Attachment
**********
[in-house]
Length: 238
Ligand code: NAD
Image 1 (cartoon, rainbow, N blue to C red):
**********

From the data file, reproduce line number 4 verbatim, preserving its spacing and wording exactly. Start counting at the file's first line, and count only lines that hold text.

Image 1 (cartoon, rainbow, N blue to C red):